Last month I had the pleasure of sharing a panel at the Global Peter Drucker Forum on “Cultivating Innovation Hotbeds” (see video) hosted by Curt Carlson together with Tony Tan, former President of Singapore, and industry leaders Young Sohn (Samsung), Patricia Neumann (IBM) and Georg Kopetz (TTTech). Long associated with federal government funding that sparked innovations like the internet, I thought I would share my notes on how cities came to take an active role in innovation ecosystems over the past 20 years.
How local government got involved…
Around 20 years ago innovation ecosystems started to change physically. They began to move from greenfield technology parks like the North Carolina Research Triangle into cities and towns by combining physical, economic and networking assets into creative places.
It turned out that it wasn’t enough to measure and optimize just technology transfer, investment or collaboration. A growing number of city halls began to provide urban planning and economic development incentives tailored to help the knowledge economy along. The quality of the space, walkability and the proximity to the wider city economy began to mattered also. My friend Anthony Townsend reminded that bringing such ecosystems into inner cities enabled new models big and small.
Among these new models are places like Newlab an innovation-ecosystem-in-a-building serving hundreds of companies large and small in Brooklyn, as well global corporations and the New York City government. It is highly productive and made possible by tapping into the richness of the city surrounding it. Along the way, local government and public institutions began to get more involved.
Innovation ecosystems in all things urban
Today, innovation ecosystems get baked into all kinds of projects. Corporate campuses are tailored to provide a home also for partners and acquisitions. Major urban investments like Edinburgh’s City Centre Transformation, bake climate, innovation, economic opportunity, research, experimentation and community engagement right into their 5–10 year delivery plans.
Toward the end of the financial crisis that crippled its small businesses, Long Beach (CA) re-built their innovation economy around small business and entrepreneurship. The city refocused its spending, programs and incentives. In 2012 we helped Barcelona go a step further by pulling money out of generic startup accelerators to prioritize its investment and tax incentives to companies that solve urgent community problems.
In the UK, 3Space, a non-profit real-estate operator went from keeping shop-fronts alive between uses to operating thousands of square meters of innovation facilities in cities where corporate tenants like IBM subsidize accessible terms for startup and community entrepreneurs to share spaces.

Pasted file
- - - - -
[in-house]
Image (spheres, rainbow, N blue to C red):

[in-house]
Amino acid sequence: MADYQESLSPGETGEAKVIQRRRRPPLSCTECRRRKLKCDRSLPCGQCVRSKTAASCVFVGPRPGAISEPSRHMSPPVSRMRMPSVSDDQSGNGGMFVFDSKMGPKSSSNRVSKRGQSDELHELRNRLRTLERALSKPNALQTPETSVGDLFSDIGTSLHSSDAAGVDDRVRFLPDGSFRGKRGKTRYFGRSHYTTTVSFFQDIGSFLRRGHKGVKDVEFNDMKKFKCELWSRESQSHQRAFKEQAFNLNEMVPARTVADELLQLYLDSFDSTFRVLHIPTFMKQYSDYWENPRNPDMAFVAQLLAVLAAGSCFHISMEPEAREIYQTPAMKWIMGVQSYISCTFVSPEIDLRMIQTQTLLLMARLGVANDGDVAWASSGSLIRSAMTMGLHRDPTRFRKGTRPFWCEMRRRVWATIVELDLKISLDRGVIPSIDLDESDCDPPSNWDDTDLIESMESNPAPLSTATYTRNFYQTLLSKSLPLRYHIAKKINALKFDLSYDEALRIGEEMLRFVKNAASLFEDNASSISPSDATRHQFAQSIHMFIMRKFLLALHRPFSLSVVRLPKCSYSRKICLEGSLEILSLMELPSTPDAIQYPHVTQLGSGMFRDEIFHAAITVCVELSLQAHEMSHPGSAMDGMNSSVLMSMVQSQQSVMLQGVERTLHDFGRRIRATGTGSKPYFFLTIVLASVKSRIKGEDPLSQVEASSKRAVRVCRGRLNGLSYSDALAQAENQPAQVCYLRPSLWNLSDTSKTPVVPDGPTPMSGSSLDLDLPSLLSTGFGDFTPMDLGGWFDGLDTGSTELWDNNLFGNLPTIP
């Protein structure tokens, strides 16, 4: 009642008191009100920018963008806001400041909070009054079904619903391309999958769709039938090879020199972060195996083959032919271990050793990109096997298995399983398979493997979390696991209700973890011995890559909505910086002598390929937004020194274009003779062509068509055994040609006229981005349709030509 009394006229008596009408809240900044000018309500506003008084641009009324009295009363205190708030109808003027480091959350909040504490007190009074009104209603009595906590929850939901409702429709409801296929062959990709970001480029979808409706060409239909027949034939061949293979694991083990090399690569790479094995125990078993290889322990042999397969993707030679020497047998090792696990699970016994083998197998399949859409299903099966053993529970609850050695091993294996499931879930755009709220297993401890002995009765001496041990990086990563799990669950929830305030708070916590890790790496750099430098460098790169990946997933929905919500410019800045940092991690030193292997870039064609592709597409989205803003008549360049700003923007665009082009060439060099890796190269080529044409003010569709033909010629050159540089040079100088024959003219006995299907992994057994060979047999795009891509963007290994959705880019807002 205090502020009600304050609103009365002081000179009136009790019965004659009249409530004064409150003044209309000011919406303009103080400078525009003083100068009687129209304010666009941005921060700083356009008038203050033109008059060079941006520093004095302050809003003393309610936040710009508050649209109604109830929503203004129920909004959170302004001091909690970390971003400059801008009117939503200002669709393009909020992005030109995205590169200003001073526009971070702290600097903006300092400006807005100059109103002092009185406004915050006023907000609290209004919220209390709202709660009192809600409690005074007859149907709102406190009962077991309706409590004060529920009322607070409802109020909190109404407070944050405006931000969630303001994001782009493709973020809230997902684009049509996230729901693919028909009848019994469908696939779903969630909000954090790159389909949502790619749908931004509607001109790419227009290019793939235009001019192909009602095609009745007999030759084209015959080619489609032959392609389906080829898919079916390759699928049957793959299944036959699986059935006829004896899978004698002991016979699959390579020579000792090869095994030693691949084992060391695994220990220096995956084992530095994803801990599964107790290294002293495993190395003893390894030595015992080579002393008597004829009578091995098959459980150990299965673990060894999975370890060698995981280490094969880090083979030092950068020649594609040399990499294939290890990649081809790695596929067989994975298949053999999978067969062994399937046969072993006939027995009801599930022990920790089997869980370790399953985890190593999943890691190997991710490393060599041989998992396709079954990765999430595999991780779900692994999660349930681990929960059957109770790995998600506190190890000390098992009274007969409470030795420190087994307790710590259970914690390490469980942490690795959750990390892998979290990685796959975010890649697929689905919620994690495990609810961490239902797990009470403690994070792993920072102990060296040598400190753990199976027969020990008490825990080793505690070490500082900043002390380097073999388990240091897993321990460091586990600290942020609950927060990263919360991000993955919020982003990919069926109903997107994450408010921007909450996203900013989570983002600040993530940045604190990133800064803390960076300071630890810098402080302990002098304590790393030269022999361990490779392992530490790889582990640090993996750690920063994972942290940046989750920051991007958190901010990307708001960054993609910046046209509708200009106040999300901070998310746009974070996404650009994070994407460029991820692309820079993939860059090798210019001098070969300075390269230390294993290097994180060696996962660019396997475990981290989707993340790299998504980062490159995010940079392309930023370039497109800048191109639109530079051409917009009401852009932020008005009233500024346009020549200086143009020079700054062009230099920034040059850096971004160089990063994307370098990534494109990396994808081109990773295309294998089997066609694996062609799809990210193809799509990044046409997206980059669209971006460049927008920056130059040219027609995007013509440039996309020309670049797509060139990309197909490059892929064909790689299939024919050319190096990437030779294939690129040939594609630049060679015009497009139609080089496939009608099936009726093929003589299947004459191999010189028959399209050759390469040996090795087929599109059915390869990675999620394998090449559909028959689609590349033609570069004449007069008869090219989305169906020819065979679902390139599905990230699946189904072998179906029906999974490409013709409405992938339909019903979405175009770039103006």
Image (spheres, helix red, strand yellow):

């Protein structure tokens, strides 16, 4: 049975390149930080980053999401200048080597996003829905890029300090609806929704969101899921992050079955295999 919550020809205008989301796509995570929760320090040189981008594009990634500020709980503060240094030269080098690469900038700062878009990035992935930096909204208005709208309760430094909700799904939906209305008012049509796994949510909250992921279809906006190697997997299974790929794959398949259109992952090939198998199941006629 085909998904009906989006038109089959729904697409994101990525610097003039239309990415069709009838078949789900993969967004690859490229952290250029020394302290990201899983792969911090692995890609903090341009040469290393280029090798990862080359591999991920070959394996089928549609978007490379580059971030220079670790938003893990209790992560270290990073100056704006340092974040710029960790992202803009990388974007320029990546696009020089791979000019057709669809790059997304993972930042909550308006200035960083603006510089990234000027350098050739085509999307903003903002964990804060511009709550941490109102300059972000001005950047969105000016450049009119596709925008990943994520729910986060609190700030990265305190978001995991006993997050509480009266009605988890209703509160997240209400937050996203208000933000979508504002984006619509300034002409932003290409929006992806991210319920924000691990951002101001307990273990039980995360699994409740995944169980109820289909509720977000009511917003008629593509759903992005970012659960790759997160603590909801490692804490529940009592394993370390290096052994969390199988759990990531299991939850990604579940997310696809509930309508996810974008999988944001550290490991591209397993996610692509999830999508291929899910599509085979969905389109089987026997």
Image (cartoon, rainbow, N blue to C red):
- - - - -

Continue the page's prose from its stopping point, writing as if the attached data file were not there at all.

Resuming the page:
What happens when city halls also become users?
How do you know that an innovation becomes mainstream? A good indicator is when even local governments get around to actually using it.
This year in US and the UK alone, more than 300 local governments have tapped into the talent & technology provided by their innovation ecosystems to reinvent their own operations and community outcomes. We have helped an additional 100 governments in another 33 countries do the same. This is some momentum. With local government buying $4.5 trillion worth of goods and services each year (=10% of world GDP), they have ample resources to claim a seat at the table.
One surprising insight that came out of this: as local government leveled the playing field for innovative ideas, small, minority and women-owned businesses won 50% of the contracts.
And by providing both the urban platform and becoming a customer, local governments are beginning to play a role in setting the agenda .
What’s next: Bringing society into the boat.
There is much soul-searching as policy-makers and society take stock and formulate their expectations going forward. Many now look at the Bay Area as a reminder that a successful business ecosystem holds no guarantees for happiness, progress and creating jobs for those most in need. Whilst they cannot plan for specific outcomes, they can promote alignment around certain values and problems.
Santa Monica concluded that the major tech disruptions in retail, transport and AI pose an existential threat to its economy. To plan ahead, it first began to invest in capacity building with support from experts to help elected officials as well as the community understand these trends and participate in decisions going forward. Then, it went ‘glocal’ with it by publishing an RFP open to anyone:
Future success will depend on bringing along society as a whole: whether through more meaningful innovation, community engagement, impact investing or simply better return on investment for our communities.
I, for one, hope to see more intentional problem-framing as in Santa Monica, and efforts to bake meaningful innovation ecosystems into major urban projects. As government is embracing agile methods not just in tech, but also in infrastructure and public service their ability to cultivate learning communities that can problem-solve appears to be only growing.